The Need for Resilience in an Ever-Changing World

Bonnie St. John, 2019 ICMA Annual Conference speaker, discussed the concept of micro-resilience.

By Kerry Hansen | Mar 23, 2020 | ARTICLE

Let's rewind back to the 2019 ICMA Annual Conference where Bonnie St. John offered local government leaders insight into the five frameworks of micro-resilience, as well as “small hacks” to practice resilience throughout the day.

Prior to all of her later accomplishments, St. John was first an athlete. Despite having her right leg amputated at age five, she became the first African American ever to win medals in Winter Olympic competition, taking home a silver and two bronze medals in downhill events at the 1984 Paralympics.

She relayed the story of her time on the slope while in medal contention when an icy spot close to the finish line caused her and the other skiers to fall. She got up and skied to the finish, placing third and taking home the bronze. But after the race, she thought back to that moment and realized that while all the skiers had fallen, the gold medal winner was merely the one who had gotten up the fastest. Sometimes it’s how you bounce back that matters most. This moment—later made famous when Starbucks printed it on coffee cups worldwide—is what inspired St. John to examine the concept of resilience.  

Resilience in Action

She asked attendees to consider how resilience is even more crucial for those working in local government. “Your communities will face crises and disasters left and right, but it’s all about getting back up and getting back to life. You and your team have to be able to get back up to serve your residents.”

Her time spent competing in the Paralympics taught her a lot about life and making the most of the situation and resources available to you. She explained that the Paralympics is about not waiting for a sport to be designed for you in order to be world class. “You’re working with what is. It doesn’t matter what your advantages or disadvantages are; you play the game.” She went on to say, “In local government, you don’t always have all the money or resources you need. There will always be challenges. Play with what you’ve got.”

Moments of Recovery

In studying resilience, St. John worked with a researcher who was examining the habits of tennis players to see what commonalities existed between the highest-ranking players. He discovered that it was what they did between points that set them apart. In that 20 seconds of rest, elite players would take a moment to refocus and recenter, and have specific, rehearsed self-talk that would help them mentally move past the last point—despite whether it was won or lost. Those moments of recovery were crucial.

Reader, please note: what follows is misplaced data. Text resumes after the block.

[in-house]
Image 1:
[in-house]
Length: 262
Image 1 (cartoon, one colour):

Likewise, St. John believes that resiliency is the meta skill that helps you play you’re A game all the time. We should be taking time for little recoveries throughout the day. She and many others have found that this practice of micro-resiliency is much sustainable in the long term.

Five Frameworks for Micro-Resiliency

She touched on each of her five frameworks for micro-resiliency:

  1. Refocus your brain
  2. Reset your primitive alarms
  3. Reframe your attitude
  4. Refresh your body
  5. Renew your spirit

Reset Your Primitive Alarms

St. John drilled down into the second framework, the importance of resetting your primitive alarms, which she explained as our “caveman or cavewoman reaction” to stressful moments. Our brains are designed to have a slow, relaxed response to positive situations and an urgent, fast response to negative situations. Those adrenaline-fueled times of “fight or flight” wreak havoc on our focus, problem-solving, decision-making, and creativity, as well as cause us physical exhaustion. St. John recommends that we examine our emotional triggers to attempt to reset our immediate reactions. Humans can change how our brains interpret a situation to then have a better response to the situation. Something as simple as labeling emotions as we’re experiencing them can help us define, organize, and sort through what we’re feeling. While you take that second to label it, you’re psychologically taking a step back, as if looking at a painting, and then you can decide what to do in a more rational, logical manner.

Communities of Champions

In conclusion, St. John spoke fondly of her past mentor Warren Witherall, a hall of fame snow skier and water skier who helped train hundreds of champion skiers over the years. She asked him, “How did you create so many champions?” And he responded, “I never built champions one at a time; I created communities of champions. You can only push one person so far, but when you have a group of people, they pick each other up, push each other, and support one other, so everyone achieves more.”

She reflected that message back to the audience, saying, “As local government leaders, you’re all building communities of champions, literally.” She recommended that local goverment leaders use the tools of micro-resilience to help their staff continue to effectively build those communities now and in the future.


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